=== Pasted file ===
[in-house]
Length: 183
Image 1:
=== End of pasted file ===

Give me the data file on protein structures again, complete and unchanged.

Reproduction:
[in-house]
Length: 183
Image 1: